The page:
The ‘Black Fast’ helps show us our true colors

In Jewish tradition, Tisha Be’av has come to be known as the “Black Fast,” in contrast to Yom Kippur, the “White Fast.

The Western Wall (photo credit: SHLOMO ARAD. 1970)
The Western Wall
(photo credit: SHLOMO ARAD. 1970)
In the summer of 1973 we brought our three children to Israel for six weeks. We had an enjoyable time seeing family and friends and touring the country with a car we had rented, but we made sure that we were in Jerusalem for the Shabbat that was the eve of Tisha Be’av.
We walked from Ramat Eshkol to the Old City. Thankfully it was not too hot.
Arriving at the Western Wall, we were able to feel the spirit of that fast day.
Along with us, Israelis streamed to the Kotel by the thousands. Some sat on the ground in front of the Kotel as we did.
The chanting of Eicha (Lamentations) had a great deal of meaning for us. That ancient melody of the Megila swirled through the crowds and brought a sense of sadness as we mourned for the two Temples and for all the other major tragedies in our history.
How poignant it was to watch Jews from all over the world – young and old, Sephardim and Ashkenazim – streaming to that sacred site, a remnant of the Second Temple destroyed in 70 CE. A re-identification with our faith flowed through us all. Our observance of Tisha Be’av, in the actual site where the tragedies occurred, has left an impact on me that I continue to feel more than 40 years later.
In Jewish tradition, Tisha Be’av has come to be known as the “Black Fast,” in contrast to Yom Kippur, the “White Fast.” The most striking way in which this is emphasized is that in many Sephardi synagogues, a black curtain is placed over the ark containing the Torah scrolls. Normally, white covers are used. Other customs pertaining to Tisha Be’av tend to reemphasize the idea of darkness, sadness and gloom.
The Mishna in Rosh Hashana 1:13 indicates that fasting on Tisha Be’av was observed even in biblical times.
While some rabbis wanted to mark the destruction of the two Temples by instituting total abstinence from drinking and the eating of meat, those who wanted a total fast won out.
Bathing is forbidden, but one may minimally wash the face and hands for cleaning purposes. The use of perfume and other types of fragrance is forbidden.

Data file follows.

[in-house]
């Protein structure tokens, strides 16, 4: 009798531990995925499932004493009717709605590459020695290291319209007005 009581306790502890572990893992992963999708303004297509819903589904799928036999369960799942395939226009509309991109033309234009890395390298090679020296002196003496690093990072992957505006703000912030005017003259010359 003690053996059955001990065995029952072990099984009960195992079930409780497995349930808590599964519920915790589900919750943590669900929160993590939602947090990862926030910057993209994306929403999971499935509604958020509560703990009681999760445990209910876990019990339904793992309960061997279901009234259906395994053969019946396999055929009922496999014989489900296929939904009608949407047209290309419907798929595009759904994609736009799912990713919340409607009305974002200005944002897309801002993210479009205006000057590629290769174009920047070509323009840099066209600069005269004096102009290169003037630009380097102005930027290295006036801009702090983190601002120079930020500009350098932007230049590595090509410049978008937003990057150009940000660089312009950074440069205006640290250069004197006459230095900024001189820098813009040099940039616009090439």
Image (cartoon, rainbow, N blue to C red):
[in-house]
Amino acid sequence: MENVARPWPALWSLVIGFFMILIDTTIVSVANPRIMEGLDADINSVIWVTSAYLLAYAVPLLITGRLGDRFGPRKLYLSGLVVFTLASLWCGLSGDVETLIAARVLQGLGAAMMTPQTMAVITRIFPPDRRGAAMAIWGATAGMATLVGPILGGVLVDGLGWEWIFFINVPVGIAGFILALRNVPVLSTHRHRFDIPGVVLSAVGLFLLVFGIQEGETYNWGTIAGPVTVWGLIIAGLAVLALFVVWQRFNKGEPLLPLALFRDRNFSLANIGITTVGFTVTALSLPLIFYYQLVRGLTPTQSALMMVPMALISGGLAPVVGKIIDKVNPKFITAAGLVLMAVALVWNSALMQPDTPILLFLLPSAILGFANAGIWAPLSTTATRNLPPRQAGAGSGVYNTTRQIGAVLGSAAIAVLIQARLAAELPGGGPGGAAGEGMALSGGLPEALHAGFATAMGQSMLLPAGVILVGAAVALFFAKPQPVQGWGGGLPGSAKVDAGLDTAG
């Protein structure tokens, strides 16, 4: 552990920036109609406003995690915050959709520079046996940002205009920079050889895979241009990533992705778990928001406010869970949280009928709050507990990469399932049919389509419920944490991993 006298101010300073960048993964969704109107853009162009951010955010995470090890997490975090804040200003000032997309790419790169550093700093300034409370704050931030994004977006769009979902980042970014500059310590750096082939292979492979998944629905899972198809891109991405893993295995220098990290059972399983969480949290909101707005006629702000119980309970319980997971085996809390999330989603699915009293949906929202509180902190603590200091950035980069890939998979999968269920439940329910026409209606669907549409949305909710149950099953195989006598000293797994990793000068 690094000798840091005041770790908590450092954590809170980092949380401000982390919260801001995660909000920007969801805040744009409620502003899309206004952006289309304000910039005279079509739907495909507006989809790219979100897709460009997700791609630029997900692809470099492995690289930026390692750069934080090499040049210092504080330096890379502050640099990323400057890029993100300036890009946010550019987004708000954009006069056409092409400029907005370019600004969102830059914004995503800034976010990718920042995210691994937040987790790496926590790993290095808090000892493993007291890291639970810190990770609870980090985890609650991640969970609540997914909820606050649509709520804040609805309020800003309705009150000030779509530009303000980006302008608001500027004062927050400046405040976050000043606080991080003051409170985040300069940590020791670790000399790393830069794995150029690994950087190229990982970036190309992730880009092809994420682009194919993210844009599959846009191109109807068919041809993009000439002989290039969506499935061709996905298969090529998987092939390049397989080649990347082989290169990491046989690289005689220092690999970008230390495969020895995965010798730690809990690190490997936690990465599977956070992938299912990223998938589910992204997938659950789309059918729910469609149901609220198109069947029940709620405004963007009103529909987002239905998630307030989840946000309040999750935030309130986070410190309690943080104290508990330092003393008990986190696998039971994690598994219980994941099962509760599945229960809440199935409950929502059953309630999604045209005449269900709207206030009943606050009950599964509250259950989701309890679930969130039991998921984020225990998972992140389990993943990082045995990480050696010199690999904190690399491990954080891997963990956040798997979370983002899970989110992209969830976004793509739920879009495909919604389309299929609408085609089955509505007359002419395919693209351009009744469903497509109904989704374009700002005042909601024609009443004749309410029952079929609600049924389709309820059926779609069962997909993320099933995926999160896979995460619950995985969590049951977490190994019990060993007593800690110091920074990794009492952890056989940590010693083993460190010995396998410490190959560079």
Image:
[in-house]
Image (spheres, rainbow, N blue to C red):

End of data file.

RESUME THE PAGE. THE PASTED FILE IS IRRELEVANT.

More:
Two specific signs of mourning on Tisha Be’av are not wearing leather shoes and sitting on the ground or on a low stool to hear Lamentations. There are many people who actually sprinkle their hair with ashes – a reflection of an even more ancient mourning custom.
To create the atmosphere of sadness, the lights in the synagogue are dimmed or turned off completely and candles are lit. I recall my amazement when first I attended the Spanish-Portuguese synagogue in New York. It was Tisha Be’av and that magnificent sanctuary was completely dark except for the candles held by the congregants as they intoned Lamentations in a melody transmitted by generations of Sephardi Jews.
In Fort Sill, Oklahoma, I was an intrepid chaplain anxious to provide his Jewish troops a hint of the Tisha Be’av experience. I notified the chief chaplain that I needed a site where we could have an outdoor service. When he questioned me about it, I answered him in this way.
“Chaplain McMahon, I know that you recall the various stories in the New Testament about Jesus being in the Temple courtyard. Annually, we mourn the destruction of both Temples by fasting, at least a few hours, and then returning to training. Also I will be lighting special memorial candles which I had sent up from Dallas. I do not want to take a chance with a fire in our chapel, so we are having the service outdoors with these candles marking the boundaries of our prayer area.”
He got the point and arranged a space for us.